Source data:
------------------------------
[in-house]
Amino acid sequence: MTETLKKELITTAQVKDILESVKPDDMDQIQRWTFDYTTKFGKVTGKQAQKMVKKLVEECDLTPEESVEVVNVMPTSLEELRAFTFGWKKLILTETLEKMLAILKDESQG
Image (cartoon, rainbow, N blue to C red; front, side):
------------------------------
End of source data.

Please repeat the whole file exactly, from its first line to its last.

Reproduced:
[in-house]
Amino acid sequence: MTETLKKELITTAQVKDILESVKPDDMDQIQRWTFDYTTKFGKVTGKQAQKMVKKLVEECDLTPEESVEVVNVMPTSLEELRAFTFGWKKLILTETLEKMLAILKDESQG
Image (cartoon, rainbow, N blue to C red; front, side):